The new sociological imagination.
The new sociological imagination Sociological imagination is a sociological term coined by American sociologist C. Wright Mills in 1959 describing the ability to connect seemingly impersonal and remote historical forces to the incidents of an individual’s life. .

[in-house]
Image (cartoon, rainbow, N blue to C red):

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The goal of this work is to rearticulate the central aspiration of sociologists, which the author sees as the attempt to "create a world in which humans exercise dominion over nature without exercising dominion over each other." In light of this goal, he considers contemporary sociological discourse and its relationship to socialism and to Darwinism, the influence of biology on the social sciences, and the limitations of biological reductionism reductionism(rē·dukˑ·sh·niˑ·z in sociology. Eventually, the text posits a situation in which new developments in biotechnology and nanotechnology favor social constructivism constructivism, Russian art movement founded c.1913 by Vladimir Tatlin, related to the movement known as suprematism. After 1916 the brothers Naum Gabo and Antoine Pevsner gave new impetus to Tatlin's art of purely abstract (although politically intended) or evolutionary psychology as a framework for explaining the human condition.
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